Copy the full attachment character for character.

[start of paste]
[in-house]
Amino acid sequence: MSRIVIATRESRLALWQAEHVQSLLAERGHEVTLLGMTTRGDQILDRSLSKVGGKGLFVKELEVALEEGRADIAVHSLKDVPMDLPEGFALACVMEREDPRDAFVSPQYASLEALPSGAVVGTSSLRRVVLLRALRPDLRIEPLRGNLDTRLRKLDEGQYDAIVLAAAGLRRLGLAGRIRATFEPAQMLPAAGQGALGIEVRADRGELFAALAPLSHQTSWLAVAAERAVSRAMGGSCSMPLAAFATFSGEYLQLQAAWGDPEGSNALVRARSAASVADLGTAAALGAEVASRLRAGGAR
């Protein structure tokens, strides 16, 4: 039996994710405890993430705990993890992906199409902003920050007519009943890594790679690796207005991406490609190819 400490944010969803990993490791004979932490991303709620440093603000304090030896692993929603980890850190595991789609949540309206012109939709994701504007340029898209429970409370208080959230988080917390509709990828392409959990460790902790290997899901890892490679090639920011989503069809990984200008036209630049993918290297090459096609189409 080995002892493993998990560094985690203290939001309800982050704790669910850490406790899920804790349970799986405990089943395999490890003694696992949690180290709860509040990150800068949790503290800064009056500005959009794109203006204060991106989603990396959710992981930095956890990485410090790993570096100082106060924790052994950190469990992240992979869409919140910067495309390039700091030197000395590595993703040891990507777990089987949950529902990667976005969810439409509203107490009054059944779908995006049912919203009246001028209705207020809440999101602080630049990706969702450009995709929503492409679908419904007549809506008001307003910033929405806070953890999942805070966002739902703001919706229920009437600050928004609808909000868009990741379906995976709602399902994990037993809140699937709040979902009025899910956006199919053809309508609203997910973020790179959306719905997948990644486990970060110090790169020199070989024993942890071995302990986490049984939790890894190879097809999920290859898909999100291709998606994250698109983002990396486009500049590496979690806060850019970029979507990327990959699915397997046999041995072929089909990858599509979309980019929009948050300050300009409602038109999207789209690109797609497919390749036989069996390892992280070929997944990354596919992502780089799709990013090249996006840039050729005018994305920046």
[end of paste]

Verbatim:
[in-house]
Amino acid sequence: MSRIVIATRESRLALWQAEHVQSLLAERGHEVTLLGMTTRGDQILDRSLSKVGGKGLFVKELEVALEEGRADIAVHSLKDVPMDLPEGFALACVMEREDPRDAFVSPQYASLEALPSGAVVGTSSLRRVVLLRALRPDLRIEPLRGNLDTRLRKLDEGQYDAIVLAAAGLRRLGLAGRIRATFEPAQMLPAAGQGALGIEVRADRGELFAALAPLSHQTSWLAVAAERAVSRAMGGSCSMPLAAFATFSGEYLQLQAAWGDPEGSNALVRARSAASVADLGTAAALGAEVASRLRAGGAR
């Protein structure tokens, strides 16, 4: 039996994710405890993430705990993890992906199409902003920050007519009943890594790679690796207005991406490609190819 400490944010969803990993490791004979932490991303709620440093603000304090030896692993929603980890850190595991789609949540309206012109939709994701504007340029898209429970409370208080959230988080917390509709990828392409959990460790902790290997899901890892490679090639920011989503069809990984200008036209630049993918290297090459096609189409 080995002892493993998990560094985690203290939001309800982050704790669910850490406790899920804790349970799986405990089943395999490890003694696992949690180290709860509040990150800068949790503290800064009056500005959009794109203006204060991106989603990396959710992981930095956890990485410090790993570096100082106060924790052994950190469990992240992979869409919140910067495309390039700091030197000395590595993703040891990507777990089987949950529902990667976005969810439409509203107490009054059944779908995006049912919203009246001028209705207020809440999101602080630049990706969702450009995709929503492409679908419904007549809506008001307003910033929405806070953890999942805070966002739902703001919706229920009437600050928004609808909000868009990741379906995976709602399902994990037993809140699937709040979902009025899910956006199919053809309508609203997910973020790179959306719905997948990644486990970060110090790169020199070989024993942890071995302990986490049984939790890894190879097809999920290859898909999100291709998606994250698109983002990396486009500049590496979690806060850019970029979507990327990959699915397997046999041995072929089909990858599509979309980019929009948050300050300009409602038109999207789209690109797609497919390749036989069996390892992280070929997944990354596919992502780089799709990013090249996006840039050729005018994305920046």